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CLICK HERE to purchase - available in two sizes.



Menstrual Cups are about as personal as it can get, so there is no one 'right' set of instructions or information about how to use them. We recommend reading our instructions below (detailed instructions are included with each Cup), but also reading some other FAQ's and Blogs to get a better sense of how they work. Here's a few we've found helpful:

Video Tutorial – very well explained:

Frequently Asked Questions:

WikiHow website:



Menstrual Cups are becoming much more well known as people quickly discover the benefits of a long-term solution to feminine hygiene, compared to the disposable pads and tampons women have been reliant on for so long – many of which contain non-degradable plastic materials, and an extreme amount of individual plastic packaging.

But what exactly are Menstrual Cups?

A Menstrual Cup is a small cup-shaped product made from safe Medical Grade Silicone, which is designed to be inserted to collect menstrual fluid (rather than absorbing it, as other products do). Your first instinct might be that the idea of inserting a collection cup sounds a little offensive, but there’s nothing ‘gross’ about a Menstrual Cup – once inserted, it forms an air tight vacuum, and as no air comes into contact with its contents there is no unpleasant smell, even after hours of use. Menstrual cups have been shown to leak less on average, have fewer health risks than standard disposable products, and are generally comfortable to wear. You can wear the cup for up to twelve hours before needing to remove it – which also means you should easily avoid needing to do it anywhere but in the privacy of your own bathroom. When ready, you just remove the Cup by breaking the seal on the vacuum, pull it back out, pour the contents down the toilet, rinse clean and reinsert, or sterilise for a few minutes in boiling water for later use - silicone can last for up to ten years without degrading, which means the one purchase can last you for a decade of use.

* Menstrual Cups are made from Medical Grade Silicone, safe and hygienic
* Full instructions are included with each Cup - check other websites and blogs for personal tips
* Economical - one cup will last up to ten years
* Save on plastic wastage from disposable products
* Available in two sizes. Choose the size to suit your body:

SMALL: For women who have not given birth to a child, or women up to the age of 25 years.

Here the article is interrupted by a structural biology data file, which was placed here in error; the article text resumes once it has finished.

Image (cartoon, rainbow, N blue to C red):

Diameter: 40mm, Length: 70mm.   Max Volume: 15ml (Up to the Rim: 20ml).

LARGE: For women who have given birth to a child, or who are over 25 years old.
Diameter: 45mm, Length: 70mm. Max Volume: 15ml (Up to the Rim: 25ml).


We're all familiar with the vast volume of plastic packaging that's involved with disposable feminine hygiene products, but it's easy to forget that many of them also contain large amounts of plastic within the products themselves. None of this plastic is biodegradable, which means that every time they're disposed of, they'll end up in landfill and remain there for possibly centuries to come. The typical woman will have approximately 500 periods in the course of their lifetime. Multiply that by the number of products you use each cycle, and that's a lot of plastic heading back to the earth - let alone what it costs to purchase all of your products. By replacing disposable options with a long-term re-useable Menstrual Cup you're not only saving on the cost of replacing your products every month, you're also making a difference to the amount of waste you contribute to the environment - in a safe, hygienic and comfortable way!

Menstrual Cups are made of Medical Grade Silicone, which is an amazing material in itself. Silicone is transformed into the durable product we use today by combining natural silicon with oxygen, carbon and hydrogen. Because it is derived from natural elements, silicone is not toxic to aquatic or soil organisms, is not hazardous waste, and while it is not biodegradable it can be recycled after a lifetime of use. With proper care silicone can be used for years - cooled, heated or sterilised - without degrading. This is why it makes the perfect 'Eco Friendly' material for use today.



CLICK HERE to purchase - available in two sizes.

IMPORTANT: The first time you use any Menstrual Cup, boil in water for 3 to 5 minutes to sterilise.

Our Menstrual Cups have a short soft silicone stem for grip. It is completely up to you if you prefer to leave this attached to assist in inserting and removing the Cup, or to remove it if that is more comfortable for you (do take care not to cut the Cup itself if you do decide to remove it).